"There is no future that is not built in the present"—Resources for new socialisms in The Village Against the World

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Dan Hancox’s recently published The Village Against the World, an important new book on the communist utopia of Marinaleda, continues to receive attention in the first weeks of its release.




In the Guardian’s books podcast, Dan Hancox explains how a co-operative, utopian community was created in the small Andalusian town of Marinaleda over the last decades. Visit the Guardian to listen to the podcast's discussion of alternative communities in Spain and Latin America with Dan Hancox and John Vidal, the paper's environment editor. 

An interview in Spanish has recently been published in Vice magazine, in which the interviewer describes the book as 'the definitive book on Marinaleda'. Hancox explains some of the reasons he chose to write the book and some of the questions it seeks to pose:

Interviewer: In the context of the crisis, to what extent did you feel that what you saw in Marinaleda is a real solution?

Hancox: This is the key question in Marinaleda. How far can you replicate it, and at what level?

Visit Vice  to read the interview in full, in Spanish. 

An extract of the book was also printed in the pages of the Observer. In the extract Dan Hancox describes how he came across Marinaleda, telling the story of how his interest was captured by the small town. He asks important questions, which he will go on to fully explore in the rest of the book.
Marinaleda, in impoverished Andalusia, used to suffer terrible hardships. Led by a charismatic mayor, the village declared itself a communist utopia and took farmland to provide for everyone. Could it be the answer to modern capitalism's failings?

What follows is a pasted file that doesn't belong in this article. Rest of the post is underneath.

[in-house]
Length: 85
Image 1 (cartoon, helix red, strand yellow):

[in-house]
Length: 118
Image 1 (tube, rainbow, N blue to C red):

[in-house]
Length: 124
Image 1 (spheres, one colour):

He also starts to go into the remarkable history of Marinaleda:
The first part of Marinaleda's miracle is that when its struggle to create utopia began, in the late 1970s, it was from a position of abject poverty. The village was suffering more than 60% unemployment; it was a farming community with no land, its people frequently forced to go without food for days at a time, in a period of Spanish history mired in uncertainty after the death of the fascist dictator General Franco. The second part of Marinaleda's miracle is that over three extraordinary decades, it won. Some distance along that remarkable journey of struggle and sacrifice, in 1985, Sánchez Gordillo told the newspaper El País: "We have learned that it is not enough to define utopia, nor is it enough to fight against the reactionary forces. One must build it here and now, brick by brick, patiently but steadily, until we can make the old dreams a reality: that there will be bread for all, freedom among citizens, and culture; and to be able to read with respect the word 'peace '. We sincerely believe that there is no future that is not built in the present."

Visit the Observer to read the extract in full.

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